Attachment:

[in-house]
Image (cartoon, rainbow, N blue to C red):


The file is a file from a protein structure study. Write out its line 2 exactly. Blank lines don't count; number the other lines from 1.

Image (cartoon, rainbow, N blue to C red):